Zombies and Mummies: Your Weekly Movie To-Do List
Dawn of the Dead (1978)
Our weekly list of special event movies to see includes some evidence of Halloween creeping in:
Thursday, Oct. 18
Andrew Shea's thriller of a documentary, Portrait of Wally, traces the legal journey of the titular 1912 painting by Austrian artist Egon Schiele of then-17-year-old Valerie "Wally" Neuzil. Screening at 8 p.m. at the Skirball Cultural Center, the film tells the captivating history behind the artwork's ownership as it went from thieving Nazis, via New York's Museum of Modern Art and Austria's Leopold Museum, to its present-day owners.
Saturday, Oct. 20
Relive a time when flesh-eating zombies meant a good ol', on-screen fright and not a nightmare come true waiting on a sidewalk (just ask the Miami "zombie" victim, whose face was gnawed by another man on the street). Be cautious as you make your way down Santa Monica Boulevard to Hollywood Forever Cemetery, where George Romero's 1978 classic Dawn of the Dead is screening at 7 p.m.
If you think Hollywood Boulevard is a safer route, slip into a glitzy 1920s costume for the Egyptian Theatre's 90th Anniversary Masquerade Ball. The legendary movie house is celebrating with a costume party complete with vintage- or Egyptian-inspired everything -- specially created cocktails, a burlesque show, magic, a buffet, dancing to the music of Dean Mora's Modern Rhythmists, casino games and more. The program starts at 6:30 p.m. and includes the screening of six shorts, including "Magic Mummy" and "A Trip to Paramountown."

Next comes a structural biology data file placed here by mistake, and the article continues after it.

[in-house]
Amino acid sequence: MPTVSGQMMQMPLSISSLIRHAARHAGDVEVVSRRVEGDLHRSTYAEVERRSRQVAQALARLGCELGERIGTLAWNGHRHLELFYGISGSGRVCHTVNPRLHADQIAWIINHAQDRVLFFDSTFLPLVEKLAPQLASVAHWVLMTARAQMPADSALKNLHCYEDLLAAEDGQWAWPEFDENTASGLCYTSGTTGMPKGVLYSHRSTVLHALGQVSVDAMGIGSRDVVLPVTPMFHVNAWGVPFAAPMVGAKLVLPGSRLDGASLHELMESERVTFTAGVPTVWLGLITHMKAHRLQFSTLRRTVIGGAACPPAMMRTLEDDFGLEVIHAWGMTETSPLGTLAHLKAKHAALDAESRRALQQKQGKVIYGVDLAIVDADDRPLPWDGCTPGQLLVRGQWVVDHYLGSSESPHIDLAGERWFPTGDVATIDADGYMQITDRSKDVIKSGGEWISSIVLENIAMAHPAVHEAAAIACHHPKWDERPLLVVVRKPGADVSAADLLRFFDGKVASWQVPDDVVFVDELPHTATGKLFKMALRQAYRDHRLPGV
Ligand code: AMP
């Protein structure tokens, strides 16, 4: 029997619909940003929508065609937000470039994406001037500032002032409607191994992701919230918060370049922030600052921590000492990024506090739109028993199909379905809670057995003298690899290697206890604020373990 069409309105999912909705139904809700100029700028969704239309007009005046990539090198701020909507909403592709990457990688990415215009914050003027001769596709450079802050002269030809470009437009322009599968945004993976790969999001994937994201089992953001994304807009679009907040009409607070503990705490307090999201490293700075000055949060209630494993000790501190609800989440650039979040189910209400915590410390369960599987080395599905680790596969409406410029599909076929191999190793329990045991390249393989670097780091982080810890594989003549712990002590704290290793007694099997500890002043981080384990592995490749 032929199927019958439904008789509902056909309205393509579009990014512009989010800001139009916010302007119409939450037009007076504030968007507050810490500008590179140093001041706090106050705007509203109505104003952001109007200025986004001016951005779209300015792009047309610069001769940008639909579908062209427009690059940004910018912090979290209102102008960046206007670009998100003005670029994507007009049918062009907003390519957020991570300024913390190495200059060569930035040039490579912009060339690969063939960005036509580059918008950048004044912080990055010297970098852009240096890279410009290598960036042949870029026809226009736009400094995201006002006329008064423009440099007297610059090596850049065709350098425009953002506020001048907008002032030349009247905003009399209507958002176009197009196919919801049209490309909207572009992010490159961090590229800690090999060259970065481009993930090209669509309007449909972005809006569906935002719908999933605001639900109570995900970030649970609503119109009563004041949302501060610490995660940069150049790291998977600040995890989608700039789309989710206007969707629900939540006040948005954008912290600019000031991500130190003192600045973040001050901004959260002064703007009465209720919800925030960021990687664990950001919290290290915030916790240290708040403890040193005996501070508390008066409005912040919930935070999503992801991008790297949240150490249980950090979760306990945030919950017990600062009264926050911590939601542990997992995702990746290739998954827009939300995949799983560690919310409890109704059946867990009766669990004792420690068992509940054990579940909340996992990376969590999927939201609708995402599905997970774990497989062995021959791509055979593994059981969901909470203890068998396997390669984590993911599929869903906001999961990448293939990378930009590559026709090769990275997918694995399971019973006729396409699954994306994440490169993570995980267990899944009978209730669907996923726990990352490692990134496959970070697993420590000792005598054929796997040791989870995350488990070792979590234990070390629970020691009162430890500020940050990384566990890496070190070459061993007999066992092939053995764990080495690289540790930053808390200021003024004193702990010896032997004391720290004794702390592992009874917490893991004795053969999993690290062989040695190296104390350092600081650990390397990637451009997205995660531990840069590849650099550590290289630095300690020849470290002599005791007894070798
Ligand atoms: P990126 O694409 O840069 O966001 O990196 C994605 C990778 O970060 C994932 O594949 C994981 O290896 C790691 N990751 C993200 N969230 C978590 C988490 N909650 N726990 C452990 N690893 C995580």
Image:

Sunday, Oct. 21
A controversial 1970s film is always a joy, especially if it involves a sexed-up Marlon Brando and Italian auteur Bernardo Bertolucci. Part of the series "Bernardo Bertolucci: A Retrospective" from UCLA, the American Cinematheque and Italian Cultural Institute, the Billy Wilder Theater plays Last Tango in Paris tonight at 7 p.m.
Wednesday, Oct. 24
In honor of Universal Studio's 100th anniversary, Turner Classic Movies presents a newly restored double feature, Frankenstein and The Bride of Frankenstein, which helped launch the studio's golden age of horror in the 1930s. Celebrate misunderstood monsters everywhere just in time for Halloween at the 7 p.m. showing at Universal CityWalk's AMC Stadium.
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